Middle-aged Rony Vesuna’s father was admitted to the hospital during the days leading to the third edition of the Cartier Concours d’Elegance, which was held in Mumbai last weekend. During the day, Rony was preparing his 1957 Fiat 1100 Elegant for the event and spending the nights at the hospital. The man had been without sleep or rest for days on end, and it did not matter that he is severely diabetic too, requiring four shots of insulin a day. If there was one thing Rony was running on, it was passion — passion for his immaculately maintained, brilliant example of the Italian manufacturer’s history in India. His car may not have won a prize at the event, but knowing Rony, basking in the adulation and respect he and his car deserved would have been enough.
What was special about the event was that a humble Fiat, that was but one of the cars that rolled out of Fiat’s plant at Kurla, was parked a few metres away from a spectacular, immensely valuable 1934 Rolls-Royce Phantom II, famous all over the world among aficionados as the ‘Star of India’ and a category winner at the hoity-toity Pebble Beach Concours d’Elegance last year. The Star of India once belonged to the royal family of Rajkot. It had left Indian shores in the 1960s and was eventually acquired by a German collector of Rolls-Royce cars. When he disposed of his entire collection in 2010, the car was re-acquired by the ex-royal family of Rajkot and is now deservedly back in India.
These two extremes are symbolic of India’s varied automotive heritage, which the organisers of the Concours tipped their hat to; not only was there an Indian heritage class, but three categories of motorcycles too — Pre-war classic, Post-war classic and Racing. And acknowledging the unique roles cars played in India, there was a Shikar class too. The Concours was not just a beauty contest of old cars and motorcycles, where highly polished and superbly restored machines vied for the judges’ eye; there was the Preservation class as well, which paid tribute to owners who kept their cars untouched and unmolested, but still in working condition. Amongst these, a 1930 Rolls-Royce Phantom II belonging to the ex-royal family of Kalahandi won the top honours — it was wearing the scars and stains on its original paintwork rather proudly and the interiors still bore signs of wear, accumulated over eight decades. Yet, if you started it up, it would purr just as a butter-smooth new Rolls-Royce engine would.
On the other hand, press baron Viveck Goenka’s 1931 Studebaker Commander was a classic example of how dedication, time and talent could be used to bring a car back from the brink. The Commander was acquired by Goenka when it was in a pretty bad shape, but a meticulous, thorough restoration programme made it look as if it had just rolled off Studebaker’s assembly lines at Indiana. The grit and the painstaking effort taken by Goenka’s team ensured that the car justifiably won the Resurrection cup.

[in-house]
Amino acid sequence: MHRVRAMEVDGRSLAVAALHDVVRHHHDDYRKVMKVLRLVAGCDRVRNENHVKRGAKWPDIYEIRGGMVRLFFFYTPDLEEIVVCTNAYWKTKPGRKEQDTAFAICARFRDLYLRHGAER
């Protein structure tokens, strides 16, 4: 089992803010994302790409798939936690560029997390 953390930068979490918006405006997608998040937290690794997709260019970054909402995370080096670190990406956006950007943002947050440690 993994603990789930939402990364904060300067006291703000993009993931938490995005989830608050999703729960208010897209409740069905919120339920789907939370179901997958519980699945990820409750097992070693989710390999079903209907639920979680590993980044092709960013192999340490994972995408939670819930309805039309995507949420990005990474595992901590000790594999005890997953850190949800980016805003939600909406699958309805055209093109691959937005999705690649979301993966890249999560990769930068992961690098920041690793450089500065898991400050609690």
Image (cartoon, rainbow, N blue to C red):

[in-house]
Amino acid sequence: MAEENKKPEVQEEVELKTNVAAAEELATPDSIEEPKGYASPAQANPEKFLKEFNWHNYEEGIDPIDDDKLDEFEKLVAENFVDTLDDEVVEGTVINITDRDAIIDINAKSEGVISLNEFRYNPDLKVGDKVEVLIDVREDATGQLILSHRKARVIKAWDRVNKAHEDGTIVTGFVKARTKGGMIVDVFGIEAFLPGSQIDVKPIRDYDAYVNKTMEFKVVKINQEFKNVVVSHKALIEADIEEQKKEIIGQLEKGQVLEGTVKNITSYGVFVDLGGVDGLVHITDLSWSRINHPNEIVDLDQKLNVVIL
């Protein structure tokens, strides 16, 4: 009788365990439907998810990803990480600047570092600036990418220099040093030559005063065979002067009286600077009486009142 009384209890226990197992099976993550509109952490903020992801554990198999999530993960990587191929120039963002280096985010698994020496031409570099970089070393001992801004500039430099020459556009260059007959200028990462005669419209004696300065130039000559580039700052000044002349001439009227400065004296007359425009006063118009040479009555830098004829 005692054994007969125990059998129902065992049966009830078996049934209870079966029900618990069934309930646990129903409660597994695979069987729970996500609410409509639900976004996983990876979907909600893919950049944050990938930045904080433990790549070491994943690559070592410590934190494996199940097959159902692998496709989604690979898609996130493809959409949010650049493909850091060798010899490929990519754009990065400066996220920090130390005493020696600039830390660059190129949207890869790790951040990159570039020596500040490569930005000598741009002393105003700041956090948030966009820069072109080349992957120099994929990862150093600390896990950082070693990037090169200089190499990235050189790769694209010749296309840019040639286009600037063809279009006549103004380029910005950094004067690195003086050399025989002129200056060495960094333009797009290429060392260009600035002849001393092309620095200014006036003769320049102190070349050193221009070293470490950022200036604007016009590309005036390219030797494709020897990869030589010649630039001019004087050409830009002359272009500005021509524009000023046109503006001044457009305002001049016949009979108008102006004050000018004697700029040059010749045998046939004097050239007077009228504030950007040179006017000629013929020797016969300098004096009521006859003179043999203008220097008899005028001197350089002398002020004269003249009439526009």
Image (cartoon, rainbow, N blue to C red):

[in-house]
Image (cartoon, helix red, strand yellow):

An event like this ensures that some of the most ultra-rare cars in the world emerge from their garages for the world to see. As heritage cars cannot be taken out of India, these cars don’t feature in the global auctions that see cars worth millions of dollars trade hands frequently. They stay safely within the borders of the country, as it should be.
One of the special marques that are considered valuable by collectors across the world is Invicta. There were not one, but two Invictas virtually rubbing shoulders at the Concours, both of which have been driven and featured by me in Business Standard Motoring magazine years back. One was the super-rare 1947 Black Prince of Kooverji Gamadia, a car that was ahead of its time in technology and engineering but unfortunately, a momentous failure. And the other was the 1931 S-Type Low Chassis — a powerful, low-slung automotive brute, if there ever was one — which belonged to the Pranlal Bhogilal collection. The Bhogilal collection also served up a monstrous 1932 Bentley 8-litre. Only 100 units of this Bentley were made, of which perhaps 70-odd survive across the world — which makes it pretty uncommon by any standards. This model, which was partially responsible for hastening Bentley’s movement towards receivership around the beginning of the Great Depression, is today much sought after by collectors across the world.
On the other hand, cars that were mass-produced or assembled in India, beyond the Fiats and Hindustans, were also showcased — yes, American iron in the form of Chevrolets, Chryslers and Dodges which inhabited our roads once upon a time. Some of these cars were preserved beautifully, as if they had just stepped out of showrooms in Delhi and Mumbai. And so were the cars from the Edwardian class, some of which were over a century old! In pristine condition and looking virtually like palaces on wheels, the two 1906 Napiers, a 1908 Wolseley, a 1919 Minerva and a 1905 Darracq plus last year’s winner, the 1912 Rolls-Royce Silver Ghost were generations apart from the rest of the cars on display. They looked so ancient that the only thing missing were the horses to draw them forward! But the very fact that they are in running condition is a tribute to their respective owners who have taken care of India’s automotive heritage.
The judges — drawn from automotive, motorsport, industry and various other fields from around the world — couldn’t have been more dazzled, considering the array of spectacular machines on offer. Though I have been featuring vintage and classic cars (and have driven many of the cars present here in earlier issues of the magazine), I wonder what’s in store at the next edition of the Concours. Can’t wait!